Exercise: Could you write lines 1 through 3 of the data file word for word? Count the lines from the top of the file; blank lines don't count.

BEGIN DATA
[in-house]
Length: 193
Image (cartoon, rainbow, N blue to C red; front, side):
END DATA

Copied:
[in-house]
Length: 193
Image (cartoon, rainbow, N blue to C red; front, side):